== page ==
Prepaid cards are one of the newest and fastest growing sectors in the electronic payment business. In 2003, the reloadable cards sector — another name for prepaid cards — was a small niche worth approximately $1 billion. Fast forward to 2012, and the prepaid cards sector was valued at $65 billion. By 2018, the sector is projected to grow to $112 billion (source). Click here for expert and consumer reviews on the top prepaid cards.
The success of prepaid cards has not gone unnoticed by the Consume Financial Protection Bureau, which last week published new regulations to protect the rising number of reloadable card users.
What are the new CFPB regulations for prepaid cards?
Prepaid cards have become a popular alternative to traditional checking accounts. Therefore, the CFPB feels they should include some of the protections regular accountholders receive. Here are the nine most important new regulations you should know about:
Free access to account information
Prepaid card issuers must provide account information by phone, online, and in-writing upon request. Otherwise, they must send periodic account statements.
Error resolution rights
Reloadable card issuers must help consumers when there are errors on their accounts or criminals use them to make unauthorized or fraudulent charges.
Lost cards and unauthorized transactions protection
The new CFPB rule grants cardholers protection from withdrawals, purchases, and other transactions when their cards are stolen or lost.
Easy to see and understand disclosures
The CFPB requires issuers to offer a short and a long-form disclosure that clearly explains the fees and costs associated with a prepaid account. This includes the monthly/weekly fee, the ATM withdrawal and balance inquiry fees, and any customer service or inactivity fees.
Ensure ability to pay
As with credit cards, issuers of prepaid cards must ensure cardholders are able to repay debt before they offer them any credit.
Card issuers must give users a minimum of 21 days to repay their debt fore charging a late fee.
Fee and interest limits
The total fees on a prepaid card cannot exceed 25% of the credit limit. For example, if you have a $500 credit, the total annual fees must not exceed $125 ($500 x 0.25).
30-day waiting period
Prepaid card issuers must wait a minimum of 30 days before offering customers a credit feature.
No automatic seizure of payments
Prepaid card users cannot seize money loaded into an account to repay a credit payment without the consumer’s consent.
The new protections will apply to prepaid accounts starting October 1, 2017. Click here for a copy of the entire CFPB rule.
Why are reloadable cards so popular?
In the last three years, the number of prepaid cardholders has doubled. The main attraction of prepaid cards is they provide much of the functionality of debit cards and credit cards without the need of a traditional checking account or the risk of paying expensive fees. These are the four main reasons 23 million (and counting) Americans use prepaid cards regularly (source):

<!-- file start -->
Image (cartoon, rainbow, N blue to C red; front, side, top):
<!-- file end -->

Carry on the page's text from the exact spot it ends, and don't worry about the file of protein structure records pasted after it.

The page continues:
- Buy things online
- Budgeting tool
- Avoid overdrafts
- Avoid credit card debt
Who uses prepaid cards?
Consumers from various demographics use these cards. For instance, 14 percent of reloadable card users earn more than $75k a year. However, most reloadable card users:
- Are single
- Rent their home
- Earn less than $25k a year
- Younger than 50 years of age
How to get a prepaid card
Although prepaid cards provide important benefits to consumers who want to avoid traditional bank accounts, they are not all made equal. While some offer great deals, others charge expensive fees or make it hard to load and withdraw money. Sadly, 66% of users don’t compare the terms and fees of cards before obtaining their card, according to a recent survey. Another surprising statistic is that only 9% of users obtained their card online, despite it being cheaper in many cases. This is not because of a lack of access. About 90% of people who have reloadable cards use the internet regularly. However, two thirds of users simply bought the card they saw in a store or were advertised without checking whether a better deal was available.
SuperMoney makes it easy to compare prepaid cards by offering free expert and consumer reviews. Click here to check the best prepaid cards available and filter results by the features that are more important to you.
Andrew is the managing editor for SuperMoney and a certified personal finance counselor. He loves to geek out on financial data and translate it into actionable insights everyone can understand. His work is often cited by major publications and institutions, such as Forbes, U.S. News, Fox Business, SFGate, Realtor, Deloitte, and Business Insider.